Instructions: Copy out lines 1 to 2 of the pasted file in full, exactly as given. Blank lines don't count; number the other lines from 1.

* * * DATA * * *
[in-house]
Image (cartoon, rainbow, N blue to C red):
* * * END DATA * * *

[in-house]
Image (cartoon, rainbow, N blue to C red):